His retrospective at the Centre Pompidou (2011) drew some 200,000 over a three-month period. As for his work in Japan, he is the creator of the “Kin no Kokoro” sculpture in the Mori Garden of Roppongi Hills, as well as of art installed on the third floor foyer space of the Chanel Ginza store.
The exhibition recently held in September at Perrotin Tokyo, the “Dream Road,” was the artist’s first gallery exhibition in Japan, and the first solo exhibition of new work in eight years since the retrospect held at the Hara Museum in 2012. More recently, he collaborated with Diptyque, the fragrance brand, as well as working on a team of six contemporary artists to create the Louis Vuitton Artycapucines Collection.
Here we consider Jean-Michel Othoniel’s ideas about crossover between Japanese and French cultures, such as the chrysanthemum as the theme of the current exhibit, and the inspiration the artist derives from the symbolic significance of the flower in ancient Japanese culture. How does he view the rapidly-changing environment as impacted by the COVID-19?
ーーThis is your first solo exhibition in Japan in eight years and your first gallery show in Japan. How do you feel about holding your exhibition in a situation like COVID-19?
Jean-Michel Othoniel：It is a big frustration for me, I always love to come to Japan and the show would have been a fantastic opportunity to see my friends and all the people and museums that follow my work.
ーーYou have been working in a variety of mediums, from drawing and sculpture to photography, writing and performances, and then in the early 1990s you began to work on glass works. What does it bring to an artist to cross genres?
Othoniel：The medium have no importance for me the idea is the most important. My drawings are connected to my sculptures, my texts to my photographs. I love the energy you can find in crossing those genres.
ーーThe theme of this exhibition, chrysanthemum, is a flower that signifies longevity. What is your view of Eastern thought, including the meaning of flowers, for you?
Othoniel：Yes the connection with the world and our life on earth is part of my work I love to look at the wonders of nature. Flowers are the first images. They were on earth before man and when we look at them we have the same emotion as the first man of humanity had.
ーーYou have said that “The Chrysanthemum Festival” is like seeing a minimalist installation. Can you elaborate?
Othoniel：It is stunning how Japanese gardeners are able to be so precise in the growing of the flowers. They can duplicate the exact color, the exact size and the exact height of chrysanthemums and reveal them at the period for a specific moment.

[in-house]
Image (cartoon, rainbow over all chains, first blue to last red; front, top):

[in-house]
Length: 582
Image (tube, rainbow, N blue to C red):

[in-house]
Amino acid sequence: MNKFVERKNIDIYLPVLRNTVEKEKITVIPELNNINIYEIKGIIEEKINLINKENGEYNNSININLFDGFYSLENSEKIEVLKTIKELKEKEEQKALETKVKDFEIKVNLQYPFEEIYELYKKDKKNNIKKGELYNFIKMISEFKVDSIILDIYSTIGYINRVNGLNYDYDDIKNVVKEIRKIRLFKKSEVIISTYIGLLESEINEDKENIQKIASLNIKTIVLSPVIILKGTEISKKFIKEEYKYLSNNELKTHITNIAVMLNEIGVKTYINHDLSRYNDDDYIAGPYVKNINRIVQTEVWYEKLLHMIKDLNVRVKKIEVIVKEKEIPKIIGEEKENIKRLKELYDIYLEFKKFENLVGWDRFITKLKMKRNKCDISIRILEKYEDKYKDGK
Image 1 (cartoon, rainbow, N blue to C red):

All those elements are rules you can compare to minimalism language and its radicalism. So, when I look at those installations made with hundreds of surrogates flowers it reminds me of master pieces of minimal art.
ーーAll of your works are organic and beautiful, with a mysterious and immersive impression that we can’t seem to get out of. Did you intend for the viewers to react to the work, or did you intend for the viewer’s behavior and perspective to be a part of the work?
Othoniel：I love when people interact with my works. The mirrored glass reflects the viewer presence in the show, you can see yourself in each bead and your image is infinitely duplicated. You become part of the work and you make it move when you turn around the sculpture.
ーーAt the online preview, you commented on the exhibition “kiku”: “There is more to flowers than meets the eye, they are fascinating but at the same time dangerous. What elements of flowers that you think dangerous?
Othoniel：Beauty is dangerous and we can lose ourselves in our fascination for it, but in Asia the idea of contemplation is not an issue by itself it is step to spirituality.
ーーKiku – Hiwamoegiiro (Siskin sprout yellow)…You said “this is the gentlest work in this series.” Can you tell us more about your work, such as how you created the colors?
Othoniel：I love colors linked to nature and I try to create an emotion linked to our souvenir and our connection with Mother Earth.
And technically, I love to use natural pigments to mix the glass in fusion.
ーーYou have also worked on Louis Vuitton’s “Arty Capucine Collection”. It is made of black resin beads that are reminiscent of “The Black Lotus”. How does it feel to be involved in client work?
Othoniel：My connection with Vuitton is born from my relation with the Vuitton foundation that has been collecting my work for a long time.
Delphine Arnault asked me to be part of this project in a very personal way so I had the chance to work in a very joyful way and in a total confidence.
ーーDid the COVID-19 affect your production?
Othoniel：Yes it is a difficult moment in term of traveling and my sculptures need me and my staff to be installed that’s why I was not able be part of the opening of my show at Hirozaki Museum of contemporary art.
But at the same time it is good a moment to find time to read, write and draw.
ーーThe digital wave is spreading rapidly in the art industry. How do you think digital technology will affect art in the future? Also, please tell us about your future projects.
Othoniel：Digital is a very good way to promote Art all over the world. It helps young artists to show their work and enlarge their audience: the public for the arts is global now. I have a project in Montreal that will open as soon as I will be able to travel to Canada and in one year I will be back to Japan to install my sculpture for Hirosaki.